Tarija, a temperate, densely populated, subpuna valley in the southern Andean ranges of Bolivia as well as a city. The region was formerly in the Audiencia of Charcas. The "garden city" of Tarija—reminiscent of Seville—was founded in 1574 or 1575 by Luís de Fuentes and named after the first Spanish conqueror to enter the area, Francisco de Tarija. Tarija served as a fortress city against the violent Chiriguano Indians, whose territories bordered the valley and whose hostilities continually threatened the stability of the entire audiencia. As a defense zone, Tarija (and other similar settlements) prevented Chiriguano expansion, thus fostering economic growth in the Charcas highlands and valleys.
Apart from defense, Tarija functioned as an important agricultural and livestock supplier to the growing Potosí market, especially after the 1545 silver strike. Tarija became a livestock center soon after Hernando Pizarro established livestock activities there in 1547. The valley also produced maize, wheat, fruits, vegetables, wine, and preserves for the highlands. Tarija, like other areas, was also designated to supply mita (draft labor) for the Potosí mines, a considerable burden on local Indians, many of whom, terrified by Chiriguano raids, had fled the area.
Located on the trade route between Tucumán (itself a supplier to the highlands) and Potosí, Tarija was always economically oriented to the highlands. After independence in 1825, Tarija resisted incorporation into Argentina's administrative orbit. Yet, in the 1920s, Bolivia's national railway system excluded Tarija, leaving it to cope with an inadequate transport system to truck products to the highlands. The Chaco War further isolated the region, and the 1952 revolution in Bolivia failed to bring Tarija into the mainstream. Continued economic stagnation has prompted many tarijeños to migrate to Argentina as seasonal labor, particularly to the Jujuy, Salta, and Tucumán regions. In 2005 the population of Tarija department was estimated at 459,001, and Tarija city at 183,001. Today, the department of Tarija is the object of several government-sponsored development programs aimed at revitalizing this once-important region.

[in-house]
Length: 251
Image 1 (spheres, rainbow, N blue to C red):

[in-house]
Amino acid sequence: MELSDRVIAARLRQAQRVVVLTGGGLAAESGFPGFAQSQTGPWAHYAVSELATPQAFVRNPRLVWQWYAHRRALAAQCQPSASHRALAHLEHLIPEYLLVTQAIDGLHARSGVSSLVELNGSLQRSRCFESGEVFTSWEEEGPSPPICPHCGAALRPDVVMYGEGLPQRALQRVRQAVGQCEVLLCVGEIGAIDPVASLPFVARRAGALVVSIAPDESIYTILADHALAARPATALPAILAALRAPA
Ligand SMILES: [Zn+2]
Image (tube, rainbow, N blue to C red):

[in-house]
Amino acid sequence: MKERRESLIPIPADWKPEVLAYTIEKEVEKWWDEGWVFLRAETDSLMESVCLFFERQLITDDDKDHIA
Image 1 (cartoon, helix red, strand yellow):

Klein, Herbert S. Bolivia: The Evolution of a Multi-Ethnic Society (1982).
Vázquez Machicado, Humberto; José De Mesa; and Teresa Gisbert, Manual de historia de Bolivia, 2nd ed. (1983), p. 126.
Larson, Brooke. Colonialism and Agrarian Transformation in Bolivia: Cochabamba, 1550–1900 (1988), pp. 60, 70.
Finot, Enrique. Nueva historia de Bolivia (1989), p. 98.
Beck, Stephan, and Narel Paniagua. Historia, ambiente, y sociedad en Tarija, Bolivia. La Paz: Instituto de Ecología, Universidad Mayor de San Andrés, 2001.
Rojas, Rafael, and Christian Jetté. Tarija: Pobreza, género, y medio ambiente. La Paz: Centro de Estudios & Proyectos, Embajada Real de los Países Bajos, 1998.
Lolita GutiÉrrez Brockington
"Tarija." Encyclopedia of Latin American History and Culture. . Encyclopedia.com. (January 19, 2019). https://www.encyclopedia.com/humanities/encyclopedias-almanacs-transcripts-and-maps/tarija
"Tarija." Encyclopedia of Latin American History and Culture. . Retrieved January 19, 2019 from Encyclopedia.com: https://www.encyclopedia.com/humanities/encyclopedias-almanacs-transcripts-and-maps/tarija
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